Learning Through
Water Play

Dr. Rebecca Palacios

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Water fascinates young children. Whether the water is in small or large quantities, however, it is always important to think about safety when water is involved and to ensure that young children are properly supervised. With this in mind, let’s talk about water play.

A small bin full of water placed on a table affords hours of learning. I have found that when my class of four-year-olds was involved in water play experiences, there was no such thing as limited attention span! It’s a simple three-step process:

1) Provide objects for children to explore with, such as:

  • plastic measuring cups that float
  • ceramic cups of similar size that do not float (non-fragile)
  • tubes
  • small PVC pipes
  • sieves
  • boats
  • plastic bottles
  • measuring spoons
  • feathers
  • rocks
  • funnels
  • small plastic toys
  • wooden blocks
  • old-fashioned hand mixer

2) Join in the fun:

  • Fill up and pour out of the containers.
  • Use the measurement lines on the measuring cups to develop language: full, empty, half-full, 1 cup, 2 cups.
  • Compare objects that float with those that sink.

3) Talk about what you and the children are observing, for example:

  • Since it is a liquid, water changes shapes to fit whatever container it is in.
  • Some things float on water and some things sink.
  • The way an object is shaped can help determine whether it floats or sinks.

Sometimes, step 3 is difficult to do in the midst of the activity, because the children can become so engrossed that they don’t have time for you! That’s a good thing, so what I would do in my classroom was to take a few pictures of the children as they played; then I showed the pictures afterward and posed questions about what they were doing or what they observed. This discussion helps children to construct understandings and learn to describe ideas like liquid, density, buoyancy, measurement, matter, and weight—all physical science concepts that they will need in the later grades. They won’t necessarily be able to use or understand those words yet, but through exploration, children will have gained experience with the concepts that the words stand for.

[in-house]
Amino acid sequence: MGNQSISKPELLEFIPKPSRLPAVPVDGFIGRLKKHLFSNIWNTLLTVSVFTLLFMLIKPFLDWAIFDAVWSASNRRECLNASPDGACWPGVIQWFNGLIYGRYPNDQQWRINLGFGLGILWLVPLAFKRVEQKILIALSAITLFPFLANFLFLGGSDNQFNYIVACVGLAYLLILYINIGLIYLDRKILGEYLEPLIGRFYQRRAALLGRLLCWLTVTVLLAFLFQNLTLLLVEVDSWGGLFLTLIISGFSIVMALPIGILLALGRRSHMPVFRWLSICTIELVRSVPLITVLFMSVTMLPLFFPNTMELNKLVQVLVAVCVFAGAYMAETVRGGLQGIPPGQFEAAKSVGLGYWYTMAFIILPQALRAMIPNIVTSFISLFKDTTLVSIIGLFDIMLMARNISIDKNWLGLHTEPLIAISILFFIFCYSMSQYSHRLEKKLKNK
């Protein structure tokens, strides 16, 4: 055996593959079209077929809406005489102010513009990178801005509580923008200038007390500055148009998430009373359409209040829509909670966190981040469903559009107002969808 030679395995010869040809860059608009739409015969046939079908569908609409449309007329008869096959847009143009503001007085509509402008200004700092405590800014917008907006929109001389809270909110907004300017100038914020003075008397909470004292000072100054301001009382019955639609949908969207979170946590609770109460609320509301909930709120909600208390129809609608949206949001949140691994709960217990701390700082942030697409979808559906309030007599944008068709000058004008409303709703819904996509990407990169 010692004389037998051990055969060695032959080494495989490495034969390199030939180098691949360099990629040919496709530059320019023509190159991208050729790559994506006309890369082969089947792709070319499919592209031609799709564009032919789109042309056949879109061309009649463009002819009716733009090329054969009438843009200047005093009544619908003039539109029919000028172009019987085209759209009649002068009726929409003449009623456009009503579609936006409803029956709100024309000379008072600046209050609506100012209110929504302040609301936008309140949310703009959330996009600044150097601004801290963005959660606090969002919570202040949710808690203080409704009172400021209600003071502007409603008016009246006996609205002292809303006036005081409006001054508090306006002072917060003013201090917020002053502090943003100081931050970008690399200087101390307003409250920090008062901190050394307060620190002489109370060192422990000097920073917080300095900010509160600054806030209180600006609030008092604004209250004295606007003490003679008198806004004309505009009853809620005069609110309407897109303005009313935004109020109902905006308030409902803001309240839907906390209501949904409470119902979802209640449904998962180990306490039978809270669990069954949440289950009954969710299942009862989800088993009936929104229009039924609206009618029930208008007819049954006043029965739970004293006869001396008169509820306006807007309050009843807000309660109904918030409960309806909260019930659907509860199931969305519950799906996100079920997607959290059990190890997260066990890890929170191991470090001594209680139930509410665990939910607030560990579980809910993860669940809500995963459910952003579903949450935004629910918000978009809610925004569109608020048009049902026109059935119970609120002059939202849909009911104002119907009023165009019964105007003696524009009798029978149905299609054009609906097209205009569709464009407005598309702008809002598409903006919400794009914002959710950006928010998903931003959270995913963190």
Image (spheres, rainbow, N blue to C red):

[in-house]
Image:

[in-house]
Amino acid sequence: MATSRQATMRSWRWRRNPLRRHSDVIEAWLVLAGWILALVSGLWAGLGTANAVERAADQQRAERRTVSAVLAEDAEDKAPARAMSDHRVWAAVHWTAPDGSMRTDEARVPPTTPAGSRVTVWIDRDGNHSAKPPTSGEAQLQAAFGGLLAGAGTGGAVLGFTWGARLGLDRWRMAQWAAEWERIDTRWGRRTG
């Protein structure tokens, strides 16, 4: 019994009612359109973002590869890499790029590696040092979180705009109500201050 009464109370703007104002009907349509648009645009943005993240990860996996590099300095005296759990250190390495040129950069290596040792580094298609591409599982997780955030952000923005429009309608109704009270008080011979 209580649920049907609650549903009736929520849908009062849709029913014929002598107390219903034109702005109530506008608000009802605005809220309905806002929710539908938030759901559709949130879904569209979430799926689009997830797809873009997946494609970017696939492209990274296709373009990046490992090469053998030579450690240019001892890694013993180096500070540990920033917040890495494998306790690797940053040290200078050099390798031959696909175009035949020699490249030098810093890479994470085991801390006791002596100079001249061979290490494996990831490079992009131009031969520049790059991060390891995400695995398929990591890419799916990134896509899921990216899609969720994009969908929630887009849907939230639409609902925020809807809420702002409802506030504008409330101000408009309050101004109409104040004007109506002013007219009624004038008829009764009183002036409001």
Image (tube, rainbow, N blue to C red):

Of course these days you don’t have to limit yourself to still pictures—you can capture and present short videos that illustrate the things you want the children to observe and discuss.

You don’t have to do this activity with a bin or water on a table; it can be perfect for bath time and the subsequent bedtime conversation.

As with many science topics, there are some wonderful children’s books about water; one of my favorites is Water’s Way by Lisa Westberg Peters. Share this book with your child to help develop his or her understanding about evaporation, condensation, erosion, and how water flows—through text and pictures that are designed for a young child’s reading level.

Here are some other ideas for water explorations:

  • Place a small amount of water in a plastic bowl. Give your child a thick paintbrush and have him “paint” with water on a sidewalk at a park or on the concrete slab in your backyard. Talk about the disappearing pictures or letters, which is a great lesson about evaporation!

  • Buy an eggbeater or hand mixer at the dollar store. Have your child play with bubbles, not just by blowing bubbles, but also by placing dish detergent in a large bin and using the beater to make lots and lots of bubbles. This will also promote hand coordination practice for your child!

  • Place ice cubes on a napkin and have your child watch the ice melt. Have him or her hold the cube for a minute or so and discuss how his or her warm hand makes the ice melt faster

  • During bath time, talk about sponges and how they absorb water. Compare and contrast the sponge with the soap and how it does not absorb water. Compare whether they both can float. Try floating and sinking other objects. Ask questions about why they think this happens, and how weight and shape make a difference.

Remember, you don’t have to be a science teacher to teach concepts like these to young children. All you have to do, really, is create or put them in an environment with interesting things to explore and objects to explore with, then be as curious and interested as your children are in what they see, hear, touch, and do. In this way, you will be planting seeds of understanding about physical science concepts that children will formally encounter in school before too long.

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